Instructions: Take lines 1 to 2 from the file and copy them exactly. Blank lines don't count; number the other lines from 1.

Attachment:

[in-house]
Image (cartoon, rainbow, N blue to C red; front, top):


[in-house]
Image (cartoon, rainbow, N blue to C red; front, top):